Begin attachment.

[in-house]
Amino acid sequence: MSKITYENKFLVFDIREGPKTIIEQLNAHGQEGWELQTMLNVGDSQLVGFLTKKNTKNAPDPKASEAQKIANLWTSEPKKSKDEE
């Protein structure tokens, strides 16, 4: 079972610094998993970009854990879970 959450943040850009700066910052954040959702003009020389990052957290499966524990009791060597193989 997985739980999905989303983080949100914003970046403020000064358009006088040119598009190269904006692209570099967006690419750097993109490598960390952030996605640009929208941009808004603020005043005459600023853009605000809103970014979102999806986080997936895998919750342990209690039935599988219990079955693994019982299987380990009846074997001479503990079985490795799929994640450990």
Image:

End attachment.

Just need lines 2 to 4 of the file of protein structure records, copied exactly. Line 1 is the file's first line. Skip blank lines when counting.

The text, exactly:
Amino acid sequence: MSKITYENKFLVFDIREGPKTIIEQLNAHGQEGWELQTMLNVGDSQLVGFLTKKNTKNAPDPKASEAQKIANLWTSEPKKSKDEE
């Protein structure tokens, strides 16, 4: 079972610094998993970009854990879970 959450943040850009700066910052954040959702003009020389990052957290499966524990009791060597193989 997985739980999905989303983080949100914003970046403020000064358009006088040119598009190269904006692209570099967006690419750097993109490598960390952030996605640009929208941009808004603020005043005459600023853009605000809103970014979102999806986080997936895998919750342990209690039935599988219990079955693994019982299987380990009846074997001479503990079985490795799929994640450990």
Image: